Andy Murray has revealed he could turn his hand to coaching when he finally calls time on his illustrious playing career. And he has named world No 4 Stefanos Tsitsipas as one player he would love to work with. Tsitsipas was a beaten finalist at the French Open last year and has also reached four Grand Slam semi-finals so could well be in touching distance of winning one of the majors. But the ace had a public fallout with Nick Kyrios at Wimbledon. And if Murray does end up coaching the Greek player, it could put his close relationship with Kyrgios at serious risk.
Murray is now 35 years old and has fallen to No 52 in the world so will surely be thinking about life beyond his playing days sooner rather than later. And he has already had his say on the players he would like to work with.
“Female player would be Emma [Raducanu] and male player would be between [Carlos] Alcaraz, Tsitsipas and Jack Draper,” Murray said. “They work hard, they seem like they love the sport. Alcaraz and Tsitsipas haven’t won a Slam yet. They’re obviously still very young and I think they have the potential to do it.”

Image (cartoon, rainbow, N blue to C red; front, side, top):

While Murray could be the man to help Tsitsipas finally win a major, a link-up could spell the end of his relationship with Kyrgios, who he often trains with. The Greek and the Australian went head-to-head with each other in the third round of Wimbledon earlier this month as Kyrgios overturned a one-set deficit to win the match in four sets before eventually going on to reach the final.
But following the encounter, Tsitsipas branded his opponent a “bully” due to his behaviour on court. “It’s constant bullying,” said the 23-year-old. “He bullies opponents. He was probably a bully at school himself. I don’t like bullies.
“I don’t like people that put other people down. He has some good traits in his character as well. But he also has a very evil side to him which, if it’s exposed, it can really do a lot of harm and bad to the people around him.”
And Kyrgios hit back: “I’m not sure how I bullied him. He was the one hitting balls at me, he was the one that hit a spectator, he was the one that smacked it out of the stadium. I didn’t do anything. Apart from me just going back and forth to the umpire for a bit, I did nothing towards Stefanos that was disrespectful, I don’t think. I was not drilling him with balls. I was just competing at Wimbledon and I did it.”
There is clearly no love lost between the two tennis stars and their feud could get in the way of a Murray and Tsitsipas tie up. Earlier this week, Kyrgios’ mum revealed how Murray helped save her son’s life during his battles with mental health and self harming. And the players are clearly close. So the Scot will have to think long and hard about any future coaching relationship with Tsitsipas.